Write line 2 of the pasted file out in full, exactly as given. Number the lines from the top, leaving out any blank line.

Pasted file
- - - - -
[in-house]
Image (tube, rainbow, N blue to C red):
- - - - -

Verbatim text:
Image (tube, rainbow, N blue to C red):